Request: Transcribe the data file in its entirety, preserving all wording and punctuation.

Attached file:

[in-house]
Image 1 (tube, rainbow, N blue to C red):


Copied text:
[in-house]
Image 1 (tube, rainbow, N blue to C red):